Web Exclusive | May 2012 | By Daniel P. Smith
Local Food Goes Way of Barter
With a passion for healthy, artisan food and local purchasing, Lori Baker has long toured various Phoenix-area farmers markets and enjoyed the culinary ingenuity sprouting from both food trucks and independent suppliers.
Eventually, an idea hit.
“I wanted to see if we could bring together these community ties with sustainable agriculture and barter,” says Baker, who heads the 33-year-old, Scottsdale, Arizona–based Barter Group.
The result is The Edible Exchange, a new barter concept designed exclusively for foodservice operations in the Phoenix area. More than a dozen quick serves, primarily food trucks, as well as local farmers, ranchers, and food artisans, belong to the group and have access to each others’ goods through it.
Launched in January, the new organization highlights one of the restaurant industry’s hottest trends with both consumers and operators alike: locally sourced food.
In its 2012 Restaurant Industry Forecast, the National Restaurant Association (NRA) reported that 72 percent of adults say they are more likely to visit a restaurant that offers locally produced food. Meanwhile, 42 percent of quick-service operators and 54 percent of fast-casual operators told the NRA that their customers were more interested in locally sourced menu items in 2011 than 2009.
Though demand for locally sourced foods remains highest in the fine-dining and casual-dining segments, the quick-service world is catching up to consumers’ rising expectations.
A 2011 NRA survey found 28 percent of quick-service eateries and 45 percent of fast-casual outlets offer locally sourced produce, while 10 percent of quick serves and 15 percent of fast casuals offer locally sourced meat or seafood.
And it’s a trend unlikely to fade.
Technomic analyst Sara Monnette says fresh is one of the most important attributes in the purchasing decisions of today’s consumers, especially with rising concerns about food safety and sprouting interest in food origins taking hold. The local movement, she says, speaks to both.
“Local foods convey freshness because the food did not have to travel as far to get to the plate and [convey] ‘better-for-you’ because the perception is that locally raised or locally farmed comes with a higher level of food safety,” Monnette says. She adds that independents and small chains are best positioned to succeed with the local trend given greater supply-chain flexibility.
Capitalizing on such a marketplace opportunity is precisely the goal of The Edible Exchange.
In its opening five months, Baker says, The Edible Exchange has proven successful in connecting the community to locally sourced food while simultaneously linking local food artisans and food trucks to one another.
Casey Stechnij, a third-generation dairy farmer who runs Superstition Farms in Mesa, Arizona, and also operates a pair of food trucks—Super Farm, Super Truck and the Super Chuck Wagon—was among the first business owners to sign on to The Edible Exchange. He immediately noted a surge in new customers and interest in Superstition Farms’ artisan offerings.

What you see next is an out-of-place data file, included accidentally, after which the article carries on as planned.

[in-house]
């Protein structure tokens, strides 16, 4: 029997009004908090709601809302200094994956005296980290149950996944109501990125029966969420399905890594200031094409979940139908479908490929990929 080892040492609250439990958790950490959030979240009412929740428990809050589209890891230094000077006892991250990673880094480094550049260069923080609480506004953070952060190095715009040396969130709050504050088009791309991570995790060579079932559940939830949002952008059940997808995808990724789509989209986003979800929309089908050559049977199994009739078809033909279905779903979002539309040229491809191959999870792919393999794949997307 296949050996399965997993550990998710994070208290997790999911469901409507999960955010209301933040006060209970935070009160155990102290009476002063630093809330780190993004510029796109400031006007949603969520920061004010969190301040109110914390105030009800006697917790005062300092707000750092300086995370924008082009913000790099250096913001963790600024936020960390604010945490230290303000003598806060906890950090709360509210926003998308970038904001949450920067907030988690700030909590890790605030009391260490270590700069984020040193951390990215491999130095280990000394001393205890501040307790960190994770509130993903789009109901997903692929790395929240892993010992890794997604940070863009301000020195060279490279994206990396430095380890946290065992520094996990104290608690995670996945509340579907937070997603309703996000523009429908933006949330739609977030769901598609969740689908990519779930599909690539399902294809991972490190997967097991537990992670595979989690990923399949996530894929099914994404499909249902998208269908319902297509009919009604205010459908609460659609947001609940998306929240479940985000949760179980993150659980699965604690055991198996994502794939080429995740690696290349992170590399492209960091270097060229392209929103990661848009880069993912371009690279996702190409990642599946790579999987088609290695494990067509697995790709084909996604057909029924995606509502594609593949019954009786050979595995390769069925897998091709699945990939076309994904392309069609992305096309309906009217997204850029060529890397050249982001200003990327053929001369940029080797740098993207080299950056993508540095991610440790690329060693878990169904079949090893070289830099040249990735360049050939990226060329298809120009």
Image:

“We jumped at the chance to join and I’m glad we did,” Stechnij says. “We’ve tapped into a passionate group of people who understand small businesses, but are also excited to buy high-quality, locally sourced food.”
For quick-service operators and food trucks, however, the benefits of The Edible Exchange membership travel beyond the opportunity to ride the local-food wave.
Marc Shelton regularly hits Phoenix-area streets with his Japanese-Mexican fusion food truck called Shinobu Diego’s. With money tight for his upstart venture, Shelton joined The Edible Exchange just weeks after his February launch, confident it would help Shinobu Diego’s gain public exposure, retain cash, and have access to fresh, local food.
Shelton’s involvement with The Edible Exchange has done that and more. He has used his trade dollars to acquire products he uses on the truck, such as organic beef and fresh produce, and on vendor fees at one open-air street market he regularly attends.
“As an operator, you can get set in your shopping ways,” Shelton says. “With The Edible Exchange, I see that there are a lot of local products out there that I can use and purchase on barter rather than cash.”
Baker says barter, a centuries-old practice that has gained momentum in the cash-strapped recession age, presents small businesses a savvy way to build their business, increase profitability, generate new customers, improve cash flow, and hedge against downtrends.
“The Edible Exchange is marketing these members and bringing them new customers,” Baker says, adding that operators can use their barter dollars on a range of products and services, such as advertising, website design, accountants, or attorneys.
“It’s a one-stop shop where I don’t have to open my wallet,” Shelton says.
For Baker, The Edible Exchange is just the start of promoting locally sourced food and giving foodservice operations a chance to shine. She says food trucks, farmers, and barter are all grassroots concepts that fit together.
“Our goal is to build a sustainable community in which everyone supports and shops local,” Baker says.
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